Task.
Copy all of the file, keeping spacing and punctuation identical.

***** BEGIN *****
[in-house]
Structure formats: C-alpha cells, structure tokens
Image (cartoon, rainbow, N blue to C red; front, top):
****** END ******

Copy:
[in-house]
Structure formats: C-alpha cells, structure tokens
Image (cartoon, rainbow, N blue to C red; front, top):